When he returned, he was haunted by memories of those left behind and coping with the merry-go-round of head, heart and gut. While Faith provided final answers, he Bronze Star courage allowed him to climb out of his feelings and trust a power greater than himself. This acceptance is the sign of a true hero. Freddie is now a highly competent and effective Vet to Vet TN Counselor, who also works to assist ministries in establishing vet friendly congregations. There is no cost for his work. All his cohorts are unpaid volunteers. Feel free to contact Freddie and friends at (865) 336-2624 or visit www.tnvhc.org.

The Ia Drang Valley battle happened Nov., 1965 over North Vietnamese infiltration routes. At one time Cambodia hosted over 4 North Vietnamese Divisions. As a special ops pilot, for a time in 1967, I operated out of Plei Mei Special Forces Camp near the Ia Drang Valley. My later involvement illustrates one of U.S. soldier biggest gripes, or they were not allowed to take and hold ground like their Korea and WW II counterparts.

Download Article Files Here.

Memorializing Those Who Fought in Vietnam

Vietnam War’s fifth anniversary has caused new research to surface revealing a different image of why my fellow combatants served. Hollywood and popular culture misrepresented those of us who served and why. This report is extracted from “Wisconsin Vietnam Veterans” published in the Military Order of World Wars magazine, “Officers Review” Oct., 2013 issue.

“The Vietnam War was not fought largely by draftees. Two thirds of the soldiers in Vietnam were volunteers. While minorities played a full played a full role in the fighting, 86 percent of the Americans who died fighting in Vietnam were white, middle-class volunteers.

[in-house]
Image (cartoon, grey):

The North Vietnamese Army (NVA) was not a rag tag army of black clad peasant guerillas who fought from the shadows. We know from released Soviet Union records that the North Vietnamese comprised of 27 divisions that were kept at full strength by a communist nation supplying 200,000 new 18 year olds per year. There was a famous North Vietnamese saying, “born in the North to die in the South”. Archives show the Soviet Union poured huge amounts of money and weaponry into North Vietnam. The North Vietnamese Army had full armored divisions, high tech weaponry and extremely sophisticated supply network.

The realities of the Vietnam War are harsh. It was a war with no front lines and fought on difficult terrain. America’s lack of political will deeply restricted military strategy in the war. Through it all our troops fought bravely and with distinction only to have their nation turn their backs on them as they returned. Some were blamed for the war.” (End of comments from “Officers Review”)

Who were the anti war groups supporting? After the fall of Saigon in 1975, the Communists sent 1 million to reeducation camps where 250,000 died of malnutrition, torture and execution. Of the 2 million who tried to flee 200,000 by drowning or pirate savagery. What happened with the borders of China, North Vietnam’s key sponsor? While I was fighting regular North Vietnam divisions in II Corps, China had the “Cultural Revolution” in full swing. They starved approximately 1.5 million Chinese depending on source. Mao’s personality cult was in full swing with immature Red Guard touting his little “Red Book”. Before that the “Great Leap Forward” starved anywhere from 18 to 37 million depending on source. When Mao’s reign ended with his death in 1976, he had killed 70 million people. Vietnam’s Cambodian neighbor Pol Pot’s communist government killed 1.5 million out its total population of 7 to 8 million.

REST ASSURED VIETNAM VETS: YOU FOUGHT FOR THE RIGHT REASONS, THE RIGHT PEOPLE AND THE RIGHT VALUES IN THE VIETNAM WAR.

Download Article Files Here.